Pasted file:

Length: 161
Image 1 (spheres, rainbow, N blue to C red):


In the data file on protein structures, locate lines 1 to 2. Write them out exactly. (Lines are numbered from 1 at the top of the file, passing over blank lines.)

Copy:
Length: 161
Image 1 (spheres, rainbow, N blue to C red):